Vancouver ophthalmologist Jean Carruthers and her husband, Alastair Carruthers, a dermatologist, are credited with pioneering the cosmetic use of botulinum toxin, or Botox, in the late 1980s. Allergan, the company that purchased the product OnabotulinumToxin, conducted clinical trials and submitted the data to the FDA, which approved its therapeutic use. Today, Botox is no longer seen as a hobby of the wealthy and vain; it has become a popular cosmetic treatment for many people. Christa Campsall, a clinic coordinator, has seen how Botox can put patients at ease.
However, over time, Botox treatments lose their effectiveness and wrinkles begin to reappear. Receiving injections of botulinum toxin type A, mainly from Botox but also from Dysport, has become increasingly popular. In 1978, Dr. Scott used Clostridium botulinum for therapeutic purposes and this marked the beginning of Botox's journey.
Despite some of its unapproved uses not yet being proven, interest in the drug remains high. Bethenny Frankel has her jaw injected to relieve symptoms of bruxism (teeth grinding), and actress Kristin Chenoweth uses Botox to treat her migraines. Jackie is one example of someone who has received Botox four times over the years. Dr.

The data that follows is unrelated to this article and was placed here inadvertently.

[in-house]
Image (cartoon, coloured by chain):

Scott still treats some of the same patients who started Botox injections 20 years ago and have not experienced any adverse reactions. The studies that used Botox for depression were so encouraging that they caught Allergan's attention. Rosenthal and Finzi's research showed that 74 people with major depressive disorder who were randomly assigned to receive Botox injections or a placebo had positive results.Botox's mission has been driven by off-label use and its potential is still being explored today. If further research confirms its effectiveness in treating depression, it could be approved as an official treatment for this condition.